The New Business Owner’s Guide to Filing a Tax Return

If you’ve always worked as an employee and had a relatively uncomplicated income tax return, you may wonder how much that will change now that you have a small business. It’s true you’ll have more record-keeping and responsibilities than you did when your employer sent you a Form W-2 at the end of the year.

However, being a business owner has its perks, too. You control how much time and effort you want to put into the business, and you alone reap the rewards. You can also plan for taxes and take business deductions to lower your tax bill.

Here’s how to get started.

Know which forms to use

If you organized your business as a corporation, file Form 1120, U.S. Corporation Income Tax Return, for your business. If you own an S Corporation, file Form 1120S, U.S. Income Tax Return for an S Corporation.

If you have a business partnership with someone other than your spouse, file a partnership return with Form 1065. Any partnership income or loss flows through to your personal income tax by way of Form K-1.

The simplest way to file business taxes is on Schedule C, E, or F with your individual income tax return, Form 1040. File Schedule C if you are a sole proprietor. Schedule F is for farmers or fishermen. If your business income is from rents or royalties, prepare Schedule E.

You can choose to file Schedule C or F if you have a limited liability corporation (LLC), and you are the only member. Otherwise, file Form 1065, 1120 or 1120S based on your specific business.

Keep up with your bookkeeping

As a business person, you need to know at all times how your business is really doing. The only way to have sufficient information to make the best business decisions is to maintain a good bookkeeping system all year long.

Your system doesn’t have to be complicated. In fact, simple is good. You can use a bookkeeping system online or on your computer. You can also keep a simple spreadsheet, depending on the complexity of your business.

As a bonus, when you maintain business records all year, getting ready to file your taxes shouldn’t take much time at all.

Organize your information before you start

Even when you keep records all year, you still receive tax documents after the year comes to an end. Be ready for it by organizing a safe place to put the information as it arrives in the mail. Every tax form or document should go in a separate box or file from all other personal mail so it doesn’t get lost.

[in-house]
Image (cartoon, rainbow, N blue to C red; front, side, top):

Prepare your return with TaxAct

Once your bookkeeping is done and you have your year-end tax documents, it’s time to prepare your return. Preparing a business return can sometimes be easier than preparing a personal one because as a business owner you’re more likely to have everything organized.

Use an online DIY tax filing solution like TaxAct to maximize your tax situation. Go through the step-by-step questions in the product and answer each as they pertain to your business. Don’t forget the home office deduction or the simplified method for computing a home office deduction.

When you’re done preparing your return, be sure to read it. You may remember another deduction, for example. Besides, reading your tax return helps you understand your business so you can plan for next year more effectively.

Don’t forget state, local, and payroll tax obligations

If you have employees, you’ve been filing payroll tax returns all year. Be sure to send your employees’ Form W-2s to them by the end of January. The summary of your wage and tax statements, Form W-3, is also due January 31.

Additionally, if you have employees, Federal Unemployment Tax returns (FUTA) are due January 31 on Form 940. If you made all your deposits when they were due, you can file Form 940 by February 10, 2017.

You also need to send Form 1099 as required by the end of January, plus the summary Form 1099 to the IRS.

Depending on your state, you may need to file state excise tax and payroll tax returns as well.

 

About Sally Herigstad

Sally Herigstad is a certified public accountant and personal finance columnist and author of Help! I Can't Pay My Bills, Surviving a Financial Crisis (St. Martin's Griffin). She writes regularly at CreditCards.com, Bankrate.com, Interest.com, RedPlum, and MSN Money. She is an experienced speaker and a member of Toastmasters International. Follow Sally on Twitter.

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